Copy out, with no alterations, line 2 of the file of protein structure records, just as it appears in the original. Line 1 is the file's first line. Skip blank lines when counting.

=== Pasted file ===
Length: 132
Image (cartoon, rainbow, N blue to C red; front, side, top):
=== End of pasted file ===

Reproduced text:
Image (cartoon, rainbow, N blue to C red; front, side, top):